Hitherto the National Government has occupied disproportionate attention in teaching the American Government. The States have almost fallen out of sight. In this treatise, due prominence has been given to the fact that this Government is dual or federal, and that the citizen has two loyalties and two patriotisms. It is written in the spirit of the aphorism: An Indestructible Union composed of Indestructible States. The growth of this dual system has been traced from its roots in the first feeble English settlements planted in Virginia and Massachusetts. But it has not been thought necessary, or even desirable, to describe the State system at as much length as the National system.
It would have been easy greatly to extend the references to books. But an over-extended Literature commonly defeats its own ends. The common student especially is lost in the multitude of titles cited. The aim has therefore been to make a helpful bibliography rather than an extensive one.
Due pains have been taken to secure accuracy of fact and statement; but, as a matter of course, errors will creep into a book that contains so much matter-of-fact material as this one contains.
With these words of explanation, the author commends “The American Government” to the consideration of students and teachers of this most engaging and important branch of knowledge.
B. A. HINSDALE. The University of Michigan, June 1, 1891.
PREFACE TO THE REVISED EDITION.
The material parts of the preface to the First Edition of this Work have been retained. This New Edition has been revised throughout, and is printed wholly from new plates. Some important changes have been made, as follows:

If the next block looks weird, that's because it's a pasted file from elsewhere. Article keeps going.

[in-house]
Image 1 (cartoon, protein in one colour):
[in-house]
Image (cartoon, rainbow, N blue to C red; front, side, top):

1. Old matter has been somewhat differently distributed; for example, a number of topics have been transferred from Part III. to Part I, and some of the chapters have been divided.
2. Many paragraphs have been wholly rewritten in the interest either of greater clearness or of greater fullness of treatment, and still other paragraphs have been divided or consolidated.
3. Many new paragraphs and several new chapters have been introduced. Mention may be made of Chapters XII.-XV., which form a general introduction to Part II.
4. The bibliographies have been broken up, and, as a rule, distributed to the particular chapters to which they relate. A Bibli. ographical Index also has been added.
5. Some very general suggestions to teachers that were before put in the Preface, have been considerably expanded and assigned a separate place in the volume.
With these additional explanations, THE AMERICAN GOVERNMENT is again commended to the consideration of students and teachers.
The thanks of the author are due to Dr. A. R. Benton, of Butler University, Professors E. B. Wakefield and C. M. Young, of Hiram College and the University of South Dakota respectively (both his former pupils at Hiram College), Professor F. H. White, of the State Agricultural College, of Kansas, and Professor A. C. McLaughlin, of the University of Michigan, for valuable suggestions in making the revision.
The University of Michigan, June , 1895.